3. The pious friends of Allah Ta‘ala have such a bond and relationship with Allah Ta‘ala that He always cares for them and makes divine arrangements for them.

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Anger Management

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Thursday, 11 May 2017 14:20

Many times we are faced with situations where we become angry and feel the urge to vent our anger by shouting at or reprimanding those around us. We often vent our anger on those that are closest to us and those over whom we have some type of authority.

Did we ever stop for a moment and think, “How many times have I disobeyed Allah Ta‘ala and hence earned His anger? Would I be pleased if Allah Ta‘ala had to punish me for every sin that I commit? Would I be pleased if Allah Ta‘ala had to deprive me of a single bounty of His, merely because I disobeyed Him?”

Definitely not! Hence, we should apply the same principle to others and overlook their shortcomings to the extent that we wish Allah Ta‘ala to overlook ours. 

   

The Condition for the Acceptance of Du‘aas

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Monday, 01 May 2017 15:43

quran1

Hazrat Shaikh Moulana Muhammad Zakariyya (rahmatullahi ‘alaih) writes:

It is necessary to bear in mind that there are certain conditions for the acceptance of du‘aas. In the absence of these conditions, du‘aas may often be rejected. Among these conditions is the consumption of halaal food. When haraam is consumed, du‘aas are not accepted. Rasulullah (sallallahu ‘alaihi wasallam) said, “Many a greatly distressed person raises his hands to the heavens, praying and crying, ‘O Allah! O Allah!’ But his food is haraam, what he drinks is haraam and his clothes are of haraam. In such a case, how can his du‘aa be accepted?”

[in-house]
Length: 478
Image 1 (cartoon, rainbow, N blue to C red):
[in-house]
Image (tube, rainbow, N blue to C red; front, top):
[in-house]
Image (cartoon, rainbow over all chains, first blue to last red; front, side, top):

Read more: The Condition for the Acceptance of Du‘aas

   

Disinterest in the Dunya

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Monday, 01 May 2017 09:35

(Abu Muslim Al-Khawlaani [rahimahullah] #2)

‘Alqamah bin Marthad (rahimahullah) has mentioned that eight Taabi‘een had excelled in attaining the highest levels of zuhd (asceticism). Among these eight Taabi‘een was Abu Muslim Al-Khawlaani (rahimahullah). Explaining the zuhd of Abu Muslim (rahimahullah), ‘Alqamah bin Marthad (rahimahullah) quoted the following incident as an example of his disinterest in the world:

Abu Muslim (rahimahullah) would not sit with any person who was engaged in speaking of the dunya. If the person with whom he was seated began to speak of anything related to the dunya, Abu Muslim (rahimahullah) would immediately turn away and leave.

On one occasion, Abu Muslim (rahimahullah) entered the musjid and saw a few people sitting in a group. Seeing this group, Abu Muslim (rahimahullah) joined them in the hope that they were engaged in the zikr of Allah Ta‘ala. However, on sitting with them, he heard one person say, “My slave arrived having earned such-and-such wealth”, while another was saying, “I equipped my slave (to begin earning wealth)”. When he heard the subject of their conversation, Abu Muslim (rahimahullah) was extremely disappointed. He addressed them saying, “Subhaanallah! Do you know the example of yourselves and myself? Our example is that of a man who was caught in a heavy deluge of rain. As the rain began to soak him, he turned and caught sight of two large doors. Seeing the doors, he became hopeful of finding shelter and thought to himself, “If only I can enter this home and seek its shelter until the rain ceases.” However, as soon as he entered the home, he found, to his dismay, that it had no roof and thus could afford him no shelter. I am that person. I joined your gathering hoping that you were people who are engaged in zikr and other acts of worship, but instead discovered that you are people of the dunya.”  (Sifatus Safwah vol. 2, pg. 370)

Lessons:

1. The pious friends of Allah Ta‘ala understand that the dunya is a great distraction that can preoccupy a person’s heart, turning his attention away from Allah Ta‘ala. That is why they strive to keep their relationship with the dunya as minimal as possible.

2. A person is greatly influenced by the company that he keeps. If he regularly associates with businessmen, he will become business-minded and will thus see everything in the light of business. Similarly, if a woman keeps the company of women who are ‘shopaholics’, she will also develop an interest in shopping, even if she does not need to buy anything. However, if one keeps the company of the pious, one will become Islamic-minded and will thus see everything in the light of Islam. It is thus of utmost importance that we strive to link ourselves to the pious and benefit from their teachings.

3.When a person’s heart is soaked in the love of wealth, then even if he is seated in the musjid, attending a janaazah, performing salaah or attending a ta’leem, his mind and heart will be occupied with the thought of wealth.